Value-based care operates on a carrot-and-stick model. If patient outcomes are good, providers earn incentives. If outcomes are poor, providers can be subject to readmission penalties. Therefore, providers have strong motivation to identify the optimal treatment protocols that minimize cost and maximize patient outcomes.
One way to do this is by running data experiments on prior outcomes to develop a predictive solution. For example, running test vs. control analyses to compare the effects of alternate treatment protocols can identify specific courses of action that will lead to fewer days in the hospital and/or fewer readmissions. Predictive analytics can also identify the patients most likely to respond well to care pathway A versus care pathway B, and can provide insight into which particular tactics within a care pathway are likely to have the greatest overall impact.
Here again, the evidence comes from a Mastercard initiative launched in partnership with a large regional health system. In one example, the provider was able to design an achievable set of protocols for congestive heart failure that improved all measured metrics, including reductions in length of hospital stay and readmissions. In a second example, the data revealed the importance of specific protocols to be followed by patients recovering from a specific class of surgeries in reducing length of stay.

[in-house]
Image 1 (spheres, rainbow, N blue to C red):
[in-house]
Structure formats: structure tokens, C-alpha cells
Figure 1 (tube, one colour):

Once a hospital optimizes treatment protocols in one location, replicating those methods across a health system can yield substantial improvements in patient outcomes as well as operational efficiencies.
Providers can also use data-driven insights to identify and encourage behaviors correlated with improved outcomes. As in the case above, post-treatment behaviors are often correlated with better outcomes. But identifying the behavior is not enough — the patient must adhere to whatever regimen is prescribed (or refrain from others).
In commerce, loyalty solutions can be tremendously effective at encouraging customer interest, retention and repeat visits. It stands to reason these same incentive-based solutions could be targeted toward health behaviors, too. For example, motivating a hip replacement patient to complete the prescribed rehab exercises, attend physical therapy appointments and take medications will both improve the patient’s prognosis and produce savings for all parties over the course of the recovery. Motivating a pregnant woman to attend prenatal appointments, take prenatal vitamins and follow a healthy diet improves both the pregnancy and the long-term health of the child.